Tuesday, May 29, 2012

Arminian fruit

A favorite tactic of Arminian apologists is to preemptively discredit Calvinism by associating Calvinism with the execution of Servetus. One problem with that tactic is that it cuts both ways. Consider, for instance, the author of the infamous Roe v. Wade. What was his religious affiliation?

Justice Harry Blackmun was active United Methodist

By United Methodist News Service
One of United Methodism's best-known members, retired Supreme Court Justice Harry Andrew Blackmun, died early March 4 at Arlington (Va.) Hospital at the age of 90.

Blackmun was the first United Methodist to serve on the Supreme Court since the retirement of Charles E. Whittaker in 1962. 

He is best known for his majority opinion in Roe v. Wade, upholding the constitutional right of a woman to decide whether to have an abortion. 

Blackmun joined Metropolitan Memorial United Methodist Church in Washington soon after going to the capital. He frequently read Scriptures at Sunday morning worship. Senior pastor Bill Lawrence said Blackmun always prepared a contextual statement to precede the reading of the text. "He was active in the fellowship life of the church," Lawrence said. "He would greet people during coffee hour Sunday morning. His life was an expression of his faith."

Praise for Blackmun's serious involvement at Metropolitan was echoed by the Rev. William Holmes, who retired in 1998 after 24 years as senior pastor of the church. "He had a great love for the Scripture and was really a scholar of the biblical literature," Holmes said. "He also had a great love for the United Methodist Church as a denomination."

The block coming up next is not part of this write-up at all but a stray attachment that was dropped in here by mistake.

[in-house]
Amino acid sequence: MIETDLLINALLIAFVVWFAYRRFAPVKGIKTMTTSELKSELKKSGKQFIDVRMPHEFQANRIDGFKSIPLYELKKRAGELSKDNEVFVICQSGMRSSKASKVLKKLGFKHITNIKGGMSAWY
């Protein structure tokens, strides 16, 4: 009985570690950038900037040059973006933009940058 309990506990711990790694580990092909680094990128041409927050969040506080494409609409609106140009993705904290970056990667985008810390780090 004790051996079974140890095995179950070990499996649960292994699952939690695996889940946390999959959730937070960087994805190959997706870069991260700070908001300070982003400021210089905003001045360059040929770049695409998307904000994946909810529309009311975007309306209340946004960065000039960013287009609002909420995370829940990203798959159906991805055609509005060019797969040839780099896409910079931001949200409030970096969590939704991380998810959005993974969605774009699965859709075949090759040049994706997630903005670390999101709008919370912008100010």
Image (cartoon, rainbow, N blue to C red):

At the invitation of Bishop James K. Mathews, Blackmun addressed the members of the Baltimore-Washington Annual Conference in the late 1970s and taught a Bible story based on a book in the Old Testament.

For 12 years, Blackmun was a member of the governing body of the United Methodist Publishing House in Nashville. During that time, his friend, the late Emory Stevens Bucke, was book editor. It was a custom for Abingdon, the agency's book-publishing arm, to send complimentary copies of the 100-plus books it produced each year to board members. Blackmun would routinely pencil corrections in each book and return them to Bucke.



  1. He was truly blind in his liberalism. How could he teach the Holy Writ, unless he cherry-picked through the truth.
    It seems always the same to me, that a liberal so-called Christian as he is, is pro-death with a baby in the womb, and dead-set against the death penalty for murderers and those who deserve justice.

  2. donsands' comment reminds me strongly of Jimmy Carter.

  3. Arminian Liberalism --> Pro-Abortion.

    At least Justice Blackmun has to own it.